On Jan. 21, 2022, U.S. Citizenship and Immigration Services (USCIS) updated its policy guidance in the USCIS Policy Manual to address national interest waivers for advanced degree professionals or persons of exceptional ability. This update clarifies how the national interest waiver can be used by science, technology, engineering, and mathematics (STEM) graduates and entrepreneurs.

The Immigration and Nationality Act (INA) provides that an employer can file an Immigrant Petition for Alien Worker (Form I-140) for individuals of exceptional ability or members of the professions with an advanced degree. Normally, this process starts with the employer obtaining a labor certification from the U.S. Department of Labor, which demonstrates there are no qualified U.S. workers for the position being sought. However, USCIS may waive the requirement of a job offer and labor certification if the proposed endeavor is in the national interest. This national interest waiver essentially allows immigrants to petition for themselves, without an employer.

Individuals seeking a national interest waiver must show evidence of an advanced degree or exceptional ability and must also meet the following three prongs:

  • The individual’s proposed endeavor has both substantial merit and national importance;
  • The individual is well-positioned to advance the proposed endeavor; and
  • It would be beneficial to the United States to waive the job offer and thus labor certification.

With the policy update guidance, there are specific considerations relating to STEM degrees and fields. USCIS recognizes the importance of STEM fields and degrees focused in critical and emerging technologies and other areas important to U.S. competitiveness or national security. To identify a critical and emerging technology, USCIS officers will review a list of critical and emerging technology subfields published by the Executive Office of the President, by the National Science and Technology Council or the National Security Council. With respect to the first prong, all cases must demonstrate that a STEM endeavor has both substantial merit and national importance.

With respect to the second prong, the individual’s education and skillset will be relevant to whether the individual is well-positioned to advance the endeavor. USCIS will consider an advanced degree, especially a Doctor of Philosophy (Ph.D.) in a STEM field tied to the proposed endeavor and related to work furthering a critical and emerging technology or other STEM areas important to U.S. competitiveness or national security. Further, the new policy guidance clarifies that even if the endeavor is in a theoretical field in STEM such as theoretical mathematics or physics, such endeavors may still further U.S. competitiveness and national security.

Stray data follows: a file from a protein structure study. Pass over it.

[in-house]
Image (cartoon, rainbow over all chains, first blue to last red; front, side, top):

Finally, with respect to the third prong, USCIS will place more value where the endeavor has the potential to support U.S. national security or enhance U.S. economic competitiveness or when the petition is supported by letters from interested U.S. government agencies.

The policy update guidance also lays out specific considerations for entrepreneurs. Under the new guidance, USCIS officers should consider that many entrepreneurs do not follow the traditional timeline as those in more technical fields such as STEM. As such, entrepreneur petitioners may submit the following types of evidence to establish that the endeavor has substantial merit and national importance, that the petitioner is well positioned to advance the endeavor, and that, on balance, it would be beneficial to waive the job offer and thus labor certification requirements:

  • Evidence of Ownership and Role in the U.S.-Based Entity;
  • Degrees, Certificates, Licenses, Letters of Experience;
  • Investments;
  • Incubator or Accelerator Participation;
  • Awards or Grants;
  • Intellectual Property;
  • Published Materials about the Petitioner, the Petitioner’s U.S.-Based Entity or Both;
  • Revenue Generation, Growth in Revenue, and Job Creation;
  • Letters and Other Statements from Third Parties such as relevant government entities, outside investors, or established business associations with knowledge of the research, products or services developed by the petitioner, the petitioner’s entity, or both; or the petitioner’s knowledge, skills, or experience that would advance the proposed endeavor.

The new policies are designed to make the national interest waiver more broadly available to foreign nationals with STEM backgrounds who are pursing endeavors in the national interest of the United States, including entrepreneurs.